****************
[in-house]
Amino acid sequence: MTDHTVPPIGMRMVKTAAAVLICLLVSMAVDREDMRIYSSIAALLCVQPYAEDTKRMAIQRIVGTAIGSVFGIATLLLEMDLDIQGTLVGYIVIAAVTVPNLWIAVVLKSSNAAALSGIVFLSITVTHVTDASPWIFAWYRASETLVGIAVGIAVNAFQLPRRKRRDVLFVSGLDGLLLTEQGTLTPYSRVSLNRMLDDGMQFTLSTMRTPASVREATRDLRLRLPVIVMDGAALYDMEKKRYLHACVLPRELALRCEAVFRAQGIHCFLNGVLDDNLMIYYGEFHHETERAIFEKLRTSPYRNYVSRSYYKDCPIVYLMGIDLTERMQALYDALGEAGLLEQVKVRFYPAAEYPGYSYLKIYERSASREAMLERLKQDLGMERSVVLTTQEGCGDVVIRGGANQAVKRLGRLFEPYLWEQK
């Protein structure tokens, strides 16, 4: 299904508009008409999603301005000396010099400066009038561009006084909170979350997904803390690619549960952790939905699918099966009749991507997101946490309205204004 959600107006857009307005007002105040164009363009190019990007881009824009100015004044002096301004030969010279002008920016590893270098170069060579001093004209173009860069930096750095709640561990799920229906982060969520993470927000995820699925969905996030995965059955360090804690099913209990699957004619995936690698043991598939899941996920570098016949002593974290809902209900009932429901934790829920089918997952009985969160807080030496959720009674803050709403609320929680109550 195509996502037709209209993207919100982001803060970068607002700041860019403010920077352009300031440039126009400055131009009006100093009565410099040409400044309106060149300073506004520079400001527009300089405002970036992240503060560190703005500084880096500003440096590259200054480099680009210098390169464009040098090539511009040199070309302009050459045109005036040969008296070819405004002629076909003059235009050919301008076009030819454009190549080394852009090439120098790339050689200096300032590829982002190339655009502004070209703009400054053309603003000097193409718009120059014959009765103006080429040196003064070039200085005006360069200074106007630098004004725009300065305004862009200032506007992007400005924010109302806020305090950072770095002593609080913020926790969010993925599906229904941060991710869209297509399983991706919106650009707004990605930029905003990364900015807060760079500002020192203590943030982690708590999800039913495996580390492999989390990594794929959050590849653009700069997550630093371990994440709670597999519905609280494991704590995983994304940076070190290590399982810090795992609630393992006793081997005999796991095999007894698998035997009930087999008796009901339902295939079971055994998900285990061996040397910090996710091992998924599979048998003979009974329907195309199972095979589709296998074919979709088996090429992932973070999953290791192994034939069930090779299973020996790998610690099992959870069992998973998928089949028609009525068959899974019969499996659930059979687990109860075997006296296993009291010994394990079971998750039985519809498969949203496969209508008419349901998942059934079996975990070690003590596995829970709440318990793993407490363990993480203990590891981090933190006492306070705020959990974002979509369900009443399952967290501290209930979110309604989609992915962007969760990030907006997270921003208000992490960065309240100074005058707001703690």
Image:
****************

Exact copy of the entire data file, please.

[in-house]
Amino acid sequence: MTDHTVPPIGMRMVKTAAAVLICLLVSMAVDREDMRIYSSIAALLCVQPYAEDTKRMAIQRIVGTAIGSVFGIATLLLEMDLDIQGTLVGYIVIAAVTVPNLWIAVVLKSSNAAALSGIVFLSITVTHVTDASPWIFAWYRASETLVGIAVGIAVNAFQLPRRKRRDVLFVSGLDGLLLTEQGTLTPYSRVSLNRMLDDGMQFTLSTMRTPASVREATRDLRLRLPVIVMDGAALYDMEKKRYLHACVLPRELALRCEAVFRAQGIHCFLNGVLDDNLMIYYGEFHHETERAIFEKLRTSPYRNYVSRSYYKDCPIVYLMGIDLTERMQALYDALGEAGLLEQVKVRFYPAAEYPGYSYLKIYERSASREAMLERLKQDLGMERSVVLTTQEGCGDVVIRGGANQAVKRLGRLFEPYLWEQK
């Protein structure tokens, strides 16, 4: 299904508009008409999603301005000396010099400066009038561009006084909170979350997904803390690619549960952790939905699918099966009749991507997101946490309205204004 959600107006857009307005007002105040164009363009190019990007881009824009100015004044002096301004030969010279002008920016590893270098170069060579001093004209173009860069930096750095709640561990799920229906982060969520993470927000995820699925969905996030995965059955360090804690099913209990699957004619995936690698043991598939899941996920570098016949002593974290809902209900009932429901934790829920089918997952009985969160807080030496959720009674803050709403609320929680109550 195509996502037709209209993207919100982001803060970068607002700041860019403010920077352009300031440039126009400055131009009006100093009565410099040409400044309106060149300073506004520079400001527009300089405002970036992240503060560190703005500084880096500003440096590259200054480099680009210098390169464009040098090539511009040199070309302009050459045109005036040969008296070819405004002629076909003059235009050919301008076009030819454009190549080394852009090439120098790339050689200096300032590829982002190339655009502004070209703009400054053309603003000097193409718009120059014959009765103006080429040196003064070039200085005006360069200074106007630098004004725009300065305004862009200032506007992007400005924010109302806020305090950072770095002593609080913020926790969010993925599906229904941060991710869209297509399983991706919106650009707004990605930029905003990364900015807060760079500002020192203590943030982690708590999800039913495996580390492999989390990594794929959050590849653009700069997550630093371990994440709670597999519905609280494991704590995983994304940076070190290590399982810090795992609630393992006793081997005999796991095999007894698998035997009930087999008796009901339902295939079971055994998900285990061996040397910090996710091992998924599979048998003979009974329907195309199972095979589709296998074919979709088996090429992932973070999953290791192994034939069930090779299973020996790998610690099992959870069992998973998928089949028609009525068959899974019969499996659930059979687990109860075997006296296993009291010994394990079971998750039985519809498969949203496969209508008419349901998942059934079996975990070690003590596995829970709440318990793993407490363990993480203990590891981090933190006492306070705020959990974002979509369900009443399952967290501290209930979110309604989609992915962007969760990030907006997270921003208000992490960065309240100074005058707001703690």
Image: